According to the proposed bill, the apex authority in the regulation of GMOs in the country is the “Biotechnology Regulatory Authority of India” (BRAI) with a chairperson, and two members, all scientists with either a biotech or a health background. BRAI is thus a centralised, technocrat run body with no scope for democratic intervention. The decision making process in BRAI is as follows:
1. Three divisions in BRAI to take applications with GE in agriculture, GE in pharma and GE in industrial or environmental uses.
2. A risk assessment unit to evaluate risk and not necessarily to conduct independent tests.
3. A product ruling committee to recommend approvals.
4. Final decision by the BRAI.
Ministerial representatives are placed among the Inter Ministerial Advisory Board and State Governments are restricted to their respective “State Biotechnology Regulatory Advisory Committee”.
With this structure, neither open air field trials, nor final approvals can be opposed by the state governments.
In comparison, the existing structure provides the final decision of any GE crop to the state governments. There are seven ministerial representatives in the GEAC who can intervene in each and every decision of the authority – a situation required for providing checks and balances on decisions that can have serious ramifications on diverse issues such as health of the citizens, natural heritage of the country, cultural and socioeconomic fabric of the nation and trade security.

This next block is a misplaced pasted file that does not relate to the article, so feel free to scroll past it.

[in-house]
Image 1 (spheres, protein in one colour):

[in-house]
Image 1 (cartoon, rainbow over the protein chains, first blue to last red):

Conflict of interest between the BRAI and the Ministry of Science & Technology
The BRAI is hosted by the Ministry of Science and Technology (MST), which also harbours Dept of Biotechnology with the mandate to promote GE crops. DBT funds several GE crop development projects using public funds and is also the nodal agency for redirecting funds from foreign governments to GE crop development projects. Incidentally, the proposed bill by the Ministry has been put together by DBT which adds to the suspicion on the intention behind the Bill. With the promotion and regulation of GE crops under the same ministry, there is a huge conflict of interest.
Transparency- an option decided by the authority
The Right to Information Act, 2005(RTI) is being considered as the one of the best tools for ensuring transparency in governance. It has immensely helped the citizen to exercise his/her democratic rights to know about how our government takes decisions and has been empowering the public in various governance issues.
A recent central information commission order has even made it mandatory for the all bio-safety data presented by the company to the regulatory authority to be disclosed to the public even when a GE crop is in a field trial stage. This order, the result of a 30 month long RTI appeal for the bio-safety data of GE crops by Greenpeace, can now ensure independent review of the data on GE crops and enables participation of the civil society.
The section 27 (1) and (2) of the BRAI bill supercedes the requirement of the Right to Information Act and places the decision to disclose information for public interest with the authority instead of the central information commission or the Delhi High court as required by the RTI Act 2005.